Is it just me?

This week is Post Natal Depression Awareness Week.

Let me state up front, that I have not had Post Natal Depression; however I was told that I was borderline post natal depressed at my local Early Childhood Health Centre.

This diagnosis was given after I completed a short computer survey at my first appointment post the birth of my daughter.

I am ashamed to say that my first reaction was complete fear at having it and my second reaction was- well, really, who wouldn’t be a little off after not having slept for 3 weeks whilst trying to keep a small helpless human alive?

When I told my husband, he was angry and said they must have just caught me on a bad day.

When I told my GP, he was horrified and demanded to know who it was so that he could complain.

The whole experience was entirely unhelpful and I never went back to the Early Childhood Health Centre again.

Was it a wise move to cut myself off from local community support? Perhaps not. But it was necessary to have the confidence to keep raising my child.

According to the Post and Antenatal Depression Association (PANDA), the symptoms of Post Natal Depression are:

  • Sleep disturbance unrelated to baby’s sleep needs
  • Appetite disturbance
  • Crying
  • Inability to cope
  • Irritability
  • Anxiety
  • Negative obsessive thoughts
  • Fear of being alone
  • Loss of confidence and self-esteem.

Personally, I have experienced most of these to some degree since becoming a mother. Not all of them, all the time; but some of them some of the time.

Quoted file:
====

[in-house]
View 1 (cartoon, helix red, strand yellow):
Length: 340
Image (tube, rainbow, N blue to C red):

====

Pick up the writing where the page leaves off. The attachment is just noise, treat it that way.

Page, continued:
Maybe that’s the difference between having post natal depression and the normal stress levels associated with being a mum? Am I the only one who feels this way? Or am I just a little bit too honest?

Everyone’s experience of parenthood is different and I won’t pretend to have all the answers. But I do have a healthy, happy, affectionate little girl who is always laughing, smiling and continually exploring.

And that makes me smile too.

7 thoughts on “Is it just me?”

  1. You sound very emotionally healthy to me..and any diagnosis from any physician is the combination of their experience and their opinion based on their education in the particular field in which they practice. It’s very easy to attach a label to a symptom, but not so easy to get it right. In the long run it boils down to how you define your own affliction. ie;” in order to protect my child I must conquer sleep obstacles”. If you are prone to worry, then the problem is deeper but carefully diagnosed by yourself from the confidence you feel as a sound human being. You are never something that you know deep inside that you are not. We are all depressed in one way or another but we cope and adapt!

  2. I am not a mother but someday I hope to be lucky enough to have children… From listening to people I know, it is normal to experience all of these things when you become a mother as it is such a huge change but like you said not all at once. You seem to be very in control and have a happy little girl 🙂

  3. Women are very emotional after giving birth. Our bodies go through so much plus we have a little person to nurture. There are no instruction books handed out at the hospital!

    Most women have probably experienced several of these symptoms at one stage or another. Lack of sleep can make you weepy, snappy and doubt yourself.

    Thank you for being so open.

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